Imagine, if you will, a LA freeway ramp on a hot summer day in rush hour. The occupants of the cars are cranky and overheated. That is until one girl, fed up with the gridlock, jumps out of her car and begins singing and dancing on the road. Slowly, other people join in. Soon everyone is out of their cars and singing with abandon. They all know the words to this one song! They're all dancing in unison! They all wore bright, coordinated clothing!

If that doesn't sound like the most perfect opening to a movie ever, then La La Land is not the movie for you. (Also, you may be dead inside; you should get that checked out.) La La Land is a musical; a homage - but something better - to classic musicals, and it really means it. That opening scene on the freeway is unapologetically exuberant and joyous (all shot in one take, I might add) and sets the tone for the entire movie. It will melt even the most jaded of hearts.

It doesn't initially feel so joyous for main characters Mia (Emma Stone) and Seb (Ryan Gosling), though. They are both struggling to realize their dreams. Mia is an actress, working at a cafe until her big break (it could be in this Dangerous Minds-meets-the-OC thing she's just waiting for a callback on) and Seb dreams of opening the perfect jazz bar in the perfect location, if only it wasn't currently a samba-tapas (pick one, dammit) bar.

Their first meet-cute isn't actually cute at all. Then they have another chance when Mia is drawn into a restaurant unknowingly by Seb's piano playing but, alas, that was not their moment either. It isn't until months later when Mia sees Seb at a party that their stars finally start to align. Cue a lilting dance number on a hill overlooking the city in a pink-tinged dusk and you can't help but feel the butterflies.

La La Land is a sweeping romance but it's also a story about art and creating. It's about wanting to have it all and the almost-impossible balance between creative ambition and paying your bills. It asks the question, "should you keep trying or just grow up already?" It's also bubbling with nostalgia for a glittery time long past. It might be set in modern day, but it imagines a more romantic version of LA and Hollywood.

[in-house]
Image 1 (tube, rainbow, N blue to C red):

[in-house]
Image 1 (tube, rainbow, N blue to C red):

I couldn't imagine a more perfect director for a musical than Damien Chazelle. He understands the power of music on a whole other level and knows how to build set design, cinematography, costume design, etc. around that power to amplify it. Whiplash gave us a glimpse (the arrangement and editing of the music scenes are sublime; jazz playing has never looked so damn good) but in La La Land, Chazelle shines. The music numbers are effortless and natural (yes, even the one that involves Mia and Seb literally floating into the stars).

It's worth mentioning Stone and Gosling's on-screen chemistry. It's literally electric. (I want to be part of their relationship but I can't sing or dance so they probably wouldn't let me.) We've seen them act together before (Gangster Squad and Crazy, Stupid, Love) but the addition of tap shoes and singing propels them to magical levels.

Chazelle also knows how to nail an ending. Whiplash blew my mind; I was on the edge of my seat for what was essentially a conductor and a dude playing drums. And La La Land's ending is something extraordinary as well. Its unabashed longing for what could be pulls at you like nothing else.

La La Land should be for everyone but a story this brightly hopeful about love and creativity is sure to attract jaded criticism. Even the film knows this, though. At one point, Mia muses about a play she's written and worries that it feels too nostalgic and people won't like it. Seb's response ("Fuck 'em!") is most certainly a sassy eyebrow raise to people who will say the same about La La Land. Seriously, fuck 'em.

LA LA LAND, directed by Damien Chazelle, premiered on Friday 7 October at the 2016 BFI London Film Festival. Go here to learn more.